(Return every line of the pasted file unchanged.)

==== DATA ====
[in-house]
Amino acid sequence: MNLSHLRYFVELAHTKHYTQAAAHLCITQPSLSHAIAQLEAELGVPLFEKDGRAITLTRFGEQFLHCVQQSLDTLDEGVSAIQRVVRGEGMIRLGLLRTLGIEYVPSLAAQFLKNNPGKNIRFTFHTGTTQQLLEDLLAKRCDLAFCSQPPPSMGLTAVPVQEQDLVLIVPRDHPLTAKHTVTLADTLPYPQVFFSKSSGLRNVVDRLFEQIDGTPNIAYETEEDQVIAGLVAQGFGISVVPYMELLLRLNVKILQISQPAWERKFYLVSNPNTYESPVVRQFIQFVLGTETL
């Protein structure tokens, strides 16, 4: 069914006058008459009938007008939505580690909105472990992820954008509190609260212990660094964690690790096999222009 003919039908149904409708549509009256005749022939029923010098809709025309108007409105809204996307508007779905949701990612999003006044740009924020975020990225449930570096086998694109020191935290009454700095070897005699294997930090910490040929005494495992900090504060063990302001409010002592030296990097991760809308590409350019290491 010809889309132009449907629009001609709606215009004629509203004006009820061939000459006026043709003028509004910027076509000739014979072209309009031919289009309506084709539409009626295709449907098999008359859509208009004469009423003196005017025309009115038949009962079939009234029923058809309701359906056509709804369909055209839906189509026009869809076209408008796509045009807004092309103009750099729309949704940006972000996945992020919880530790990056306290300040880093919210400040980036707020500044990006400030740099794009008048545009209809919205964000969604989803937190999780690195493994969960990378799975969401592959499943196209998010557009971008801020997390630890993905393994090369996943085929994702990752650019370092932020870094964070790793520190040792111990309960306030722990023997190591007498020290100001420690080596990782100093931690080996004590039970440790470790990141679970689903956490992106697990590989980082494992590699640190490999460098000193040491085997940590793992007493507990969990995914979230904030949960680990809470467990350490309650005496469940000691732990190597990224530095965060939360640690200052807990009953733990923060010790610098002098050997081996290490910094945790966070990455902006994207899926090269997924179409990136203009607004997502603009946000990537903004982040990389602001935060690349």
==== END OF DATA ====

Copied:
[in-house]
Amino acid sequence: MNLSHLRYFVELAHTKHYTQAAAHLCITQPSLSHAIAQLEAELGVPLFEKDGRAITLTRFGEQFLHCVQQSLDTLDEGVSAIQRVVRGEGMIRLGLLRTLGIEYVPSLAAQFLKNNPGKNIRFTFHTGTTQQLLEDLLAKRCDLAFCSQPPPSMGLTAVPVQEQDLVLIVPRDHPLTAKHTVTLADTLPYPQVFFSKSSGLRNVVDRLFEQIDGTPNIAYETEEDQVIAGLVAQGFGISVVPYMELLLRLNVKILQISQPAWERKFYLVSNPNTYESPVVRQFIQFVLGTETL
């Protein structure tokens, strides 16, 4: 069914006058008459009938007008939505580690909105472990992820954008509190609260212990660094964690690790096999222009 003919039908149904409708549509009256005749022939029923010098809709025309108007409105809204996307508007779905949701990612999003006044740009924020975020990225449930570096086998694109020191935290009454700095070897005699294997930090910490040929005494495992900090504060063990302001409010002592030296990097991760809308590409350019290491 010809889309132009449907629009001609709606215009004629509203004006009820061939000459006026043709003028509004910027076509000739014979072209309009031919289009309506084709539409009626295709449907098999008359859509208009004469009423003196005017025309009115038949009962079939009234029923058809309701359906056509709804369909055209839906189509026009869809076209408008796509045009807004092309103009750099729309949704940006972000996945992020919880530790990056306290300040880093919210400040980036707020500044990006400030740099794009008048545009209809919205964000969604989803937190999780690195493994969960990378799975969401592959499943196209998010557009971008801020997390630890993905393994090369996943085929994702990752650019370092932020870094964070790793520190040792111990309960306030722990023997190591007498020290100001420690080596990782100093931690080996004590039970440790470790990141679970689903956490992106697990590989980082494992590699640190490999460098000193040491085997940590793992007493507990969990995914979230904030949960680990809470467990350490309650005496469940000691732990190597990224530095965060939360640690200052807990009953733990923060010790610098002098050997081996290490910094945790966070990455902006994207899926090269997924179409990136203009607004997502603009946000990537903004982040990389602001935060690349």